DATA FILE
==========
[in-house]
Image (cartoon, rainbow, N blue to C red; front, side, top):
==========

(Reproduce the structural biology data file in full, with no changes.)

[in-house]
Image (cartoon, rainbow, N blue to C red; front, side, top):